{¶ 11} Deters admitted that he gave the Pangallos his opinion regarding the value of their case based on his experience as an attorney and that they discussed the possibility that Clinton might be entitled to an award equal to the tortfeasor's policy limits. He also admitted that they discussed the possibility of pursuing a recovery from Clinton's employer—though he denied giving the Pangallos any advice on that issue and claimed that the issue of stacking insurance policies "never came up" in their discussions.

{¶ 12} Deters also testified that after the Pangallos told him that they were experiencing financial difficulties, he offered to arrange a presettlement loan through Barrister Capital and told them how the loan would work. According to the Pangallos, Deters advised them that the repayment of the loan would be contingent on winning their case and that they would not have to pay much interest, because their case would be settled within one month. They testified—and Deters acknowledged—that they relied on that advice in deciding to accept the loan.

{¶ 13} By the time the meeting ended, Deters (purportedly with his father's approval) had agreed to reduce the Pangallos’ contingent fee to 28 percent of their recovery and the Pangallos had agreed to allow Deters Law to continue representing them.

{¶ 14} After the meeting, the Pangallos obtained a $3,000 loan from Barrister Capital. Jillian and Deters exchanged several emails discussing Clinton's medical

180 N.E.3d 1090

treatment and the efforts being made to determine the limits of the tortfeasor's insurance policy. Deters opined that an insurer's refusal to state the limits of its policy "usually means high limits."

{¶ 15} On April 24, 2018, Jillian emailed a letter from Clinton to Deters terminating the firm's representation. In an emailed response, Deters asserted that he had not "handled" the Pangallos’ case and identified three other lawyers who had purportedly worked on the case. However, Jillian testified that she had never heard of two of those attorneys and that the third attorney had told her that he was not working on her case. She also testified that shortly after she received that email, Deters called to tell her that she and Clinton would still owe

165 Ohio St.3d 540

the full contingent fee to Deters Law on top of any fee they paid to a new attorney—which she understood to mean that they would owe Deters Law the full contingent fee in addition to any fee they would owe their new attorney.

{¶ 16} As of January 2020, Clinton's case had not settled and the amount the Pangallos owed on their $3,000 loan had increased to more than $10,000.

The Board Found that Deters Engaged in the Unauthorized Practice of Law

{¶ 17} The board found that Deters engaged in four instances of the unauthorized practice of law by (1) giving the Pangallos his opinion regarding the value of their personal-injury case, (2) advising them about the practice of stacking insurance policies and recommending that they sue Clinton's employer, (3) giving them his analysis of how quickly their case would settle, and (4) advising them that Deters Law would exert a lien for the full contingent fee on their final settlement if they terminated the firm's representation.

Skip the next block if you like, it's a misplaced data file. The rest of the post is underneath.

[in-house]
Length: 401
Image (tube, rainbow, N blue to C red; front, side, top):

Deters's Objections to the Board's Findings

{¶ 18} Deters objects to the board's findings that he engaged in the unauthorized practice of law by giving legal advice to the Pangallos. Although he has admitted that he made some of the statements that the board found to constitute the unauthorized practice of law, he characterizes his actions with regard to most of those statements as "passing on information" and steadfastly maintains that he did not provide legal services or render legal advice to the Pangallos. In fact, he asserts that any staff member of a law firm could make the statements he made to the Pangallos without committing the unauthorized practice of law and that trial consultants, paralegals, and other law-firm staff engage in this type of conduct every day. For the reasons that follow, we find that Deters's objections are without merit.

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1 practice notes
  • Ohio State Bar Ass'n v. Beem, 2020-1580
    • United States
    • United States State Supreme Court of Ohio
    • August 19, 2021
    ...of professional judgment{¶ 29} There is no universally accepted definition of "the practice of law," Disciplinary Counsel v. Deters , 165 Ohio St.3d 537, 2021-Ohio-2706, 180 N.E.3d 1086, ¶ 48 (Kennedy, J., concurring in judgment only), citing Buhai, Act Like a Lawyer, Be Judged Like a Lawye......
1 cases
  • Ohio State Bar Ass'n v. Beem, 2020-1580
    • United States
    • United States State Supreme Court of Ohio
    • August 19, 2021
    ...of professional judgment{¶ 29} There is no universally accepted definition of "the practice of law," Disciplinary Counsel v. Deters , 165 Ohio St.3d 537, 2021-Ohio-2706, 180 N.E.3d 1086, ¶ 48 (Kennedy, J., concurring in judgment only), citing Buhai, Act Like a Lawyer, Be Judged Like a Lawye......